Sex and Ancestral Approval

Vodka Yonic features a rotating cast of women and nonbinary writers from around the world sharing stories that are alternately humorous, sobering, intellectual, erotic, religious or painfully personal. You never know what you’ll find in this column, but we hope this potent mix of stories encourages conversation.


I was 12 years old on school holiday in Kasane, a tourist town in the northeastern corner of Botswana. I stood in a long aisle facing products labeled “feminine hygiene.” My father waited at the end of the aisle with the trolley. He tapped his foot. He looked anywhere but at me. He called down the aisle that he was going to KFC. 

I searched for the red-and-white box of Kotex pads my mother always bought and picked up the first pack that resembled it. I had been using pads exclusively since my first period a few months before. My father came back with the trolley, handed me a 100-pula note and told me to pay for my own “stuff” — like my totally normal bodily function was something I should be ashamed of. I only realized my mistake when I had the shopping bag on my lap in the car, the “TAMPONS” label on the box staring back at me.

When we got home, I told my mother about my mistake. I asked her if she could teach me how to use tampons since I wasted so much money on them anyway. My mother looked at me like I had just told her I had killed the neighbor’s cat. 

“No,” she said. “I’ll get you pads tomorrow. You should never use tampons. You will spoil yourself.” 

You will spoil yourself. The words have echoed in my mind for years. I am trying to get rid of that voice, the voice that tells me that my pleasure and comfort are sinful. There is lingering guilt each time I seek pleasure. In my late teens, I worried: Will I go to hell for feeling cared for, for feeling passion? For spoiling myself with more than tampons? 

My awakening came when my body started getting noticed by boys and men. These boys and men were not shy when they referred to my body parts. My butt got the most mention, but this wasn’t new to me; my family had gotten a head start. They had sexualized my body before I even knew what sex was. I have been told to change into “appropriate” attire when male relatives are in my parents’ house. I am still told to cover up as a grown woman. I can’t dance when I am happy in front of my male family members because “my whole body moves with me,” my relatives say, suggesting that I am asking for something. 

While the comments of boys and men — strangers to me — were more explicit, they were not very different from those of my family. My body was and is the problem. This is the message I get from every interaction. But how could something I feel safe in be so dangerous? 

My sexual exploration has been tentative even as a woman in her late 20s. In trying to make sense of my existence, I have grown closer to finding out about those who lived before me. I have always been curious about where I come from. My immediate family members, though African themselves, are strictly against African spirituality. I come from a Reformed Baptist Church family; my parents have attended this church for almost 50 years. I decided to consult someone in touch with an element of African spirituality called ancestral reading. Taking this step went against everything I have been taught from birth.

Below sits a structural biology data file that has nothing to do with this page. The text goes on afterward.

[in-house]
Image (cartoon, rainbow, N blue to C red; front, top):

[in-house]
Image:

I booked myself a session, wanting to hear especially from the women in my bloodline — women who had gone through life and had ascended to higher ground with knowledge. 

On a quiet afternoon in September, I sat with a spiritual guide. In the middle of my consultation, she asked if I had any questions. I hesitated for a while, but she waited as though she knew I needed answers. I asked her about love, a pursuit that had ended in tears and anger for me in the past. I asked her if I would meet “my person” in this lifetime. She laughed and said I had met some of “my persons” already. When I specified that I meant someone romantic, her answer intrigued and terrified me. 

“Your ancestors say you should explore sexually. You need to know your likes and boundaries before this person is presented to you. When you do know yourself more, it will be that much sweeter when you meet this person.” 

Through the drumming in my ears, I was entranced. Had she been spying on me my entire life? But I knew this was a message from someone special, someone who understands who I am because they are a part of me. 

Exploring my sexuality has always seemed dangerous, like I was going against my nature. But what I didn’t know years ago was that the views I had about my body and sexual identity were not my own. There were views I had internalized from my parents, my family, my church and my country. I regularly referred to other girls who freely embraced their sexualities as “sluts” — the label made me feel better about my confusion. 

I have learned that trauma from growing up within strict structures takes a lot of personal and professional help to work through and overcome. Getting this green light from an ancestor has erased my lingering guilt. My pleasure and what I want to wear are not wrong. I am searching for adult toys and ways to sexually explore. I have ancestors who approve of me going after my needs and wants — and that is enough.

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